Friday, August 10, 2007

Blue Skies Over Beijing

We’re settling in nicely and beginning to sleep on a normal schedule.

This place is kid paradise: there are kids in every house, and because it’s a walled and gated compound, they are more or less able to roam freely. A neighbor has loaned a bike and a trike to Shay and Aidan, so they pedal up and down our street, to the playground or the clubhouse. They park their bikes at the clubhouse so we can walk to Starbucks or go to the pool or the indoor playground.

But even kid paradise has its limits, and the limit is this: the school year starts on Tuesday. On Tuesday morning, every able-bodied child in the place will hit the road by 7:30, all heading for the main gate, where they’ll park their bikes and board their buses for school. Then Aidan, Kyra and I will be left to our own devices. No more bickering with Shay, no more Scooby Doo, no more building forts out of the air freight boxes in the garage. I’m not quite sure what I’ll do with the two of them come Tuesday.

Between now and then, however, I hope to start interviewing ayi candidates. An ayi is a housekeeper/nanny, and most families hire one full-time to help with the cooking, cleaning or child rearing. After a week of trying to rid this big house of Beijing dust, I’m ready for some help. Plus, I figure it’ll be a good way to get some Chinese cooking and language lessons.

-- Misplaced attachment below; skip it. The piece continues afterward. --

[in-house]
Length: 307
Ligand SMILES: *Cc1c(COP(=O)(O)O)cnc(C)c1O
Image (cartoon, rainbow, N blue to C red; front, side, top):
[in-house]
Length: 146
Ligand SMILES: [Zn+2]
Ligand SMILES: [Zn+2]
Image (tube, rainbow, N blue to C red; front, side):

Speaking of language. It isn’t getting any easier. After hours of practice, I can now say “Nice to meet you” (hen gaoxing renshi ni). Of course, I said it to someone who smiled and said “very good – but not too many people say that.” Sigh. And I can definitely say “I don’t want an ayi” (Wo bu yiao ayi) because several times a day someone knocks on my door or stops me in the street to ask if I want an ayi. In defense, I’ve had to learn to smile and say “wo bu yiao ayi” even though I desperately, definitely yiao an ayi.

This week the Chinese celebrated “one year until the Olympics.” To mark the occasion, they’ve shut down a bunch of factories and banned many of the cars from the roads. Suddenly, Beijing’s noxious, choking grey sky has turned a beautiful shade of blue. My eyes no longer sting. I’m not coughing, either. It’s frightening to think that they are pumping so much nastiness into the air every day, and it’s sad to think they can shut it all off when they have the political will. I worry about what the pollution is doing to my children. I suppose it’s like everything in life. There are benefits and drawbacks. Kid paradise in a factory town.


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